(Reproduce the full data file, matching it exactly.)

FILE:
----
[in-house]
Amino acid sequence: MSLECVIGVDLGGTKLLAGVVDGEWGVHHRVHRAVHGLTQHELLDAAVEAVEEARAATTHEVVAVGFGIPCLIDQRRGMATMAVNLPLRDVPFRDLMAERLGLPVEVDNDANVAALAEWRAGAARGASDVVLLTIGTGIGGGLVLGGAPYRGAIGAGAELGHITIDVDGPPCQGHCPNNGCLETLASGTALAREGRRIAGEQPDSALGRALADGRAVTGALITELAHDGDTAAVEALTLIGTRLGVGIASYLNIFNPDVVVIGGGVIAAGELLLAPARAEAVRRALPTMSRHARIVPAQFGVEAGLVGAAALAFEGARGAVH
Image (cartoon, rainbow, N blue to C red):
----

[in-house]
Amino acid sequence: MSLECVIGVDLGGTKLLAGVVDGEWGVHHRVHRAVHGLTQHELLDAAVEAVEEARAATTHEVVAVGFGIPCLIDQRRGMATMAVNLPLRDVPFRDLMAERLGLPVEVDNDANVAALAEWRAGAARGASDVVLLTIGTGIGGGLVLGGAPYRGAIGAGAELGHITIDVDGPPCQGHCPNNGCLETLASGTALAREGRRIAGEQPDSALGRALADGRAVTGALITELAHDGDTAAVEALTLIGTRLGVGIASYLNIFNPDVVVIGGGVIAAGELLLAPARAEAVRRALPTMSRHARIVPAQFGVEAGLVGAAALAFEGARGAVH
Image (cartoon, rainbow, N blue to C red):